While the Pentagon lays down rules for wartime news coverage, the Italian government is meeting with major, and effective, opposition to interference with RAI news reports.

A chorus of protest from press and political circles against pubcaster RAI-TV’s decision not to broadcast an interview with Iraqi dictator Saddam Hussein on Dec. 28, forced RAI general director Gianni Pasquarelli to withdraw his veto and let the interview run at 10 p.m. on Jan. 11.

Saddam said nothing new – he harshly criticized the U.S., left little room for negotiations, and predicted Iraq would win any war. But the interview, first banned, then released, has precipitated RAI into a flaming battle over the role of the pubcaster’s news coverage and its autonomy from the government.

Pasquarelli motivated his original nyet on grounds that giving the Iraqi dictator airtime might “upset the efforts being made to find a peaceful solution to the Gulf crisis,” particularly at a time when Italy was taking its turn at the presidency of the European Community. Foreign Minister Gianni De Michelis was particularly against putting Saddam on the air.

A short week later, Pasquarelli found the times had changed, viewers were waiting and it was possible to air the interview, even if he didn’t like its “tone.” Vespa reported he was “satisfied.”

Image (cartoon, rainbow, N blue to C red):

But RAI prexy Enrico Manca was not. The whole affair, wrote Manca in a communique, “has uselessly damaged the image of the public service.” The bottom line, for Manca, wasn’t a question of censorship, but of evaluation; “not whether to broadcast the Hussein interview, but whether it was timely to make it in the first place.”

The battle at RAI has become incandescent, with party politics complicating the issue of autonomy at the pubcaster’s newsdesks. Frontal attacks have been launched on Christian Democrat Pasquarelli by the Socialists, who think he has “made himself perfectly ridiculous” and by the Communists, who – for other reasons – candidly call him “a problem for RAI.”

However, before the papers had finished mulling over censorship of RAI-1’s scoop, a new episode raised the question of state control over public broadcasting all over again.

This time RAI-1 radio news and its news editor, Livio Zanetti, came under fire for having divulged the names of 535 Italians who belonged to a secret right-wing armed organization known as Gladio in the 1960s.

Gladio (which means sword) is one of several organizations in the U.S., Britain, Germany, France, Sweden and Italy that emerged as a kind of counter-revolutionary base had Communism swept the West in the ’60s.

Zanetti is now under judicial investigation for violating state secrets, a charge which, if proved, could carry a prison sentence of six months to three years.

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